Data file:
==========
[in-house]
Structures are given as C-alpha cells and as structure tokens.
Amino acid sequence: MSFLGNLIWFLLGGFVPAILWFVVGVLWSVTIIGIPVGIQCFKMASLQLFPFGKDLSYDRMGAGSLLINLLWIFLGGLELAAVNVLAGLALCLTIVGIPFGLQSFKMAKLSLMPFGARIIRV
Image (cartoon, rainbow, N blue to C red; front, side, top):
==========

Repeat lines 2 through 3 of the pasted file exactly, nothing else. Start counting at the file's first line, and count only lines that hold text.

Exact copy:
Structures are given as C-alpha cells and as structure tokens.
Amino acid sequence: MSFLGNLIWFLLGGFVPAILWFVVGVLWSVTIIGIPVGIQCFKMASLQLFPFGKDLSYDRMGAGSLLINLLWIFLGGLELAAVNVLAGLALCLTIVGIPFGLQSFKMAKLSLMPFGARIIRV